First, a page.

13 First, the goals that private enforcement of competition law can serve, as well as the criticisms of the ability of private enforcement to achieve these goals, will be laid out. Second, why the standalone action can serve these goals in ways that the current follow-on action cannot –ie, why the availability of the follow-on action is insufficient – will be specifically addressed.

14 John Locke famously distinguished two rights:20

… the one of punishing the crime, for restraint and preventing the like offence, which right of punishing is in everybody, the other of taking reparation, which belongs only to the injured party.

15 This applies more specifically to competition law too. The Competition Law Association (UK) has stated that “public enforcement is aimed at preventing antitrust infringements, whereas private enforcement has the task of compensating the victims”.21 This statement, while helpful in illustrating the two goals of competition law, is perhaps overly simplistic. Private enforcement is not merely limited to achieving the compensatory goal – the threat of being on the receiving end of a private action, in addition to public investigation by the competition law authority, also acts as a deterrent to would-be competition law infringers.

16 To contextualise the following discussion on the twin goals of competition law, it might be appropriate to say a few words about the rationale behind this body of law.

17 Modern competition law had its genesis in the US, with the enactment of the Sherman Antitrust Act in 1890. The aim of the Act was to restore and maintain competitive conditions in the market by prohibiting abusive practices, be they anticompetitive agreements to fix prices, or abuses of dominance by monopolistic entities.

18 The Sherman Antitrust Act has been said to be the synthesis of two ideologies.

19 The first ideology (the evolutionary vision) sees the market as a mechanism for facilitating free exchanges among individuals in the pursuit of their best interests as well as the best interests of the group as a whole – Adam Smith's invisible hand.

20 The second ideology (the intentional vision) views the market as a mechanism that can be exploited by powerful interests to coerce consumers, labour and small businesses. In this vision, the harmful outcomes of market processes can and should be corrected by governmental intervention.22

21 Sitting in the middle of these ideologies, competition law recognises the power of the free market to generate wealth and opportunity, but also sees the potential for abuse by powerful market players.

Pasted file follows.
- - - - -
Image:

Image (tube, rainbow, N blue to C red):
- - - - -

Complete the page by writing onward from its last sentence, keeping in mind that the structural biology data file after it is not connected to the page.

A. Private enforcement and the compensatory goal

22 Upon the successful litigation of a private action alleging the breach of competition law rules, the plaintiff receives damages. The goal here is to “correct for the consequences when a violation has taken place, by making the party which wrongfully committed the violation compensate other parties who innocently suffered the consequences of

the violation”.23 The European Court of Justice (“ECJ”) in Courage and Crehan24 held that:

The full effectiveness of Article 85 of the Treaty … would be put at risk if it were not open to any individual to claim damages for loss caused to him … by conduct liable to restrict or distort competition.

23 There is some academic debate as to the proper range of remedies for private actions in the UK – should they be compensatory, punitive or restitutionary? However, the courts in the UK have come to the position that in private actions, only compensatory damages are available, and “a restitutionary award is not an available remedy in an anti-trust case”.25

24 Of course, the identification of the victims of an anticompetitive practice will depend on which competition law rule was breached. Breaches of s 34 of the Competition Act (which deals with anticompetitive agreements), generally speaking, tend to have more widespread effects. Price-fixing affects all consumers, and has a direct impact on consumer welfare. Abuse of dominance (regulated by s 47), on the other hand, often has more readily identifiable victims – for example, firms that have been forced out of the market by the abusive conduct of a dominant firm.26

B. Private enforcement and the deterrence goal

25 Private actions can have an impact on deterrence27 as well. The deterrence goal of competition law is this – to ensure that “the antitrust prohibitions are not violated and that the anticompetitive effects which the antitrust prohibitions aim to avoid are indeed avoided”.28 This is done by creating a credible threat of sanction, which affects the

cost/benefit analysis of potential violators, thus causing them to refrain from violations.

26 Potential infringers of competition law would be more cautious in their behaviour29 if they had to worry about both the possibility of an investigation by the CCS, and lawsuits from private parties who have suffered loss. The threat of private actions thus acts as a deterrent, making potential infringers take their compliance obligations more seriously.

27 In fact, there is a kind of natural symbiosis – through the use of the notification system, private...